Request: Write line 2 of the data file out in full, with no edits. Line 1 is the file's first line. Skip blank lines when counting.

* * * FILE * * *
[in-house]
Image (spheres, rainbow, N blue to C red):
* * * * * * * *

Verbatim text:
Image (spheres, rainbow, N blue to C red):